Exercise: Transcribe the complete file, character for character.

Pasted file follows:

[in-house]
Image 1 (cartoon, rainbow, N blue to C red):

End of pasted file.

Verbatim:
[in-house]
Image 1 (cartoon, rainbow, N blue to C red):